Q. I am approaching 62 years of age, was married to my former spouse for more than 10 years and have not remarried. Am I eligible to collect on his Social Security without a reduced payment since I am not full retirement age?
— Trying to understand
A. You may be able to collect on your ex-husband’s benefits, but you might want to think twice before you do.
If you are divorced, but your marriage lasted 10 years or longer, you can receive benefits on your ex-spouse’s record — even if your spouse has remarried — under certain circumstances, said Jerry Lynch, a certified financial planner with JFL Total Wealth Management in Boonton.
You need to be unmarried and age 62 or older. Your ex-spouse must be entitled to Social Security retirement or disability benefits, and the benefit you are entitled to receive based on your own work must be less than the benefit you would receive based on your ex-spouse’s work, he said.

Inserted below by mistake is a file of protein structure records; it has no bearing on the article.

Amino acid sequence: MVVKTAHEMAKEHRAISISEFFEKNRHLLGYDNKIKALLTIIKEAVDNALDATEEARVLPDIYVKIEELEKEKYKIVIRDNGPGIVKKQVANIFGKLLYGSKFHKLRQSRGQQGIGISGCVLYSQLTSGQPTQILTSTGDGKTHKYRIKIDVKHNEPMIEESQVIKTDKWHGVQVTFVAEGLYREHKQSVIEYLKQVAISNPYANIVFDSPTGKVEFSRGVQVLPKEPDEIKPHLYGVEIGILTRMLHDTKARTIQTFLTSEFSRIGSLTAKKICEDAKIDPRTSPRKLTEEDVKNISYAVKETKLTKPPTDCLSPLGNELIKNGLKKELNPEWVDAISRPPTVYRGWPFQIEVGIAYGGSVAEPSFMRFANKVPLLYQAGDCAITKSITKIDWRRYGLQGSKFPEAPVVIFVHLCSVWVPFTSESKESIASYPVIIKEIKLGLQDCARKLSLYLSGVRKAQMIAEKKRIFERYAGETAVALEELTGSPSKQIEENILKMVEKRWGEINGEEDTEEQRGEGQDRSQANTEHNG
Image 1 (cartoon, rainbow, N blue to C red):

So if you draw on Social Security at age 62 — something Lynch highly discourages — you will start with your benefit first. If his benefit is higher, you will get that benefit.
Lynch wants you to consider this before you file for any benefits:
“When Social Security was originally set up at age 65, average life expectancy was 64,” he said. “Now your life expectancy is in the mid 80s.”
Unless you have a boatload of money, Lynch said, you are much better off deferring your Social Security benefit until age 70 because, he said, it will almost double the benefit from age 62.
“The most common reason people start claiming at age 62 is `I need the money.’” he said. “At 62, generally you are still healthy and can work. If you really need the money now, work another job because you will really need a higher Social Security benefit when you are not working.”
Email your questions to moc.p1521817430leHye1521817430noMJN1521817430@ksA1521817430.